The secretary of the treasury recently stated that the United States was "putting the trade war on hold" pending negotiations with China to reduce the US trade deficit and address certain acts, policies and practices relating to IP rights. He subsequently clarified that his comments referred only to the proposed 25% tariff pursuant to Section 301 of the Trade Act 1974. These comments have raised questions regarding the status of the various safeguard tariffs announced by the Trump administration.
Canadian business leaders greeted President Trump's announcement that the exemptions for Canada (and Mexico) from the double-digit Section 232 tariffs on certain steel and aluminium imports will be extended. What happens next is anyone's guess, and no company should feel comforted. Company executives will need to stay well apprised of their cross-border transactions and take all necessary steps to mitigate the risk of border delays, import audits or North American Free Trade Agreement verifications.
Following the presidential proclamations regarding the imposition of double-digit tariffs on certain steel and aluminium imports (ie, the Section 232 tariffs), the US Customs and Border Protection (CBP) has published further guidance detailing their implementation. Given the complexity of these tariffs and the scrutiny that the CBP will be applying to imports of steel and aluminium from all countries, importers should consider compliance with these trade actions to be a high-risk area.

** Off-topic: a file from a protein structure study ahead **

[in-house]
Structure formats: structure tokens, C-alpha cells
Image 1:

Before former President Obama left office in late 2016, the Department of the Treasury's Office of Foreign Assets Control (OFAC) published a list of FAQs to address the possibility of revoking the relaxed sanctions on Iran. Following President Trump's recent announcement that the United States is withdrawing from the Joint Comprehensive Plan of Action, OFAC has published new FAQs explaining how the re-imposition of sanctions will go into effect.
US Customs and Border Protection recently published guidance for claiming refunds on duty preference claims made under the Generalised System of Preferences (GSP) between the programme's expiration and the implementation date of its reauthorisation. The GSP programme promotes economic growth in developing countries by providing duty-free treatment of certain products imported from designated beneficiary countries.
Importers associated with industries where North Korean forced labour is known to be used must exert caution or be prepared to face the consequences. Failure to ensure that a company's supply chain is free from products resulting from North Korean forced labour will result in seizure and forfeiture of the prohibited merchandise, civil fines and possibly criminal prosecution.
In its first year, the Trump administration has tackled sanctions issues involving Cuba, Iran, North Korea, Russia, Sudan and Venezuela, as well as individuals involved in human rights abuses and corruption. In some cases, the result has been forced by Congress; in others, the president has 'made good' on campaign promises. Most have involved the heightened rhetoric and threats characteristic of Trump's presidency, but the rhetoric has often outpaced the actual action.